Once aboard the Seahorse, we were asked to fill out medical info and waiver forms. I went down the list checking the “No” boxes until I hit the question about fainting and put a little check under “Yes.” When I handed my form to Craig, the blond, sunburned, Ray Ban-wearing dive instructor who had the requisite aura of fun about him, he said, “You going to go to sleep on me?”

“I faint,” I said, “when I’m hot or nauseous…” and called my mother over to give Craig the right terminology. “Tell the doctor it’s vaso-vagal-induced fainting,” she said confidently. “If he were to examine her, he wouldn’t find anything wrong.”

I wasn’t so sure. Until I saw Craig running back along the dock bearing the good news that the doctor had given me a thumbs-up, I passed the minutes trying to let go of my very desire to dive.

Despite the crew’s spirited attempts to amuse us on the way out to Upolu Cay with jokes like “If the boat begins to sink, start negotiating with one of us for a life vest,” I was completely focused on getting to Upolu, the coral atoll that was our dive destination. Two hours after leaving the harbor, we finally anchored.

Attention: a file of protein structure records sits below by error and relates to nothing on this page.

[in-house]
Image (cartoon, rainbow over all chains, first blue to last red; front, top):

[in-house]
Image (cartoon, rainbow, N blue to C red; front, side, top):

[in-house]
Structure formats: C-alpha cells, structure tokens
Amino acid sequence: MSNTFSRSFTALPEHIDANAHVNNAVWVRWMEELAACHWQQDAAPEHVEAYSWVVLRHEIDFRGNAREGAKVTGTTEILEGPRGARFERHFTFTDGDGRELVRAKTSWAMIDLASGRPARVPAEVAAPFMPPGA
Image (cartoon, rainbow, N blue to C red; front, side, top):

I had planned to snorkel first to get my feet wet. But Craig had a different plan. A British woman in her 50s named Leslie and I were swiftly outfitted with masks, flippers, and oxygen tanks. One of the crew members helped me lift the bulky equipment and walk over to the platform where Craig—suddenly absolutely serious—instructed me to step into the water with one hand on my regulator.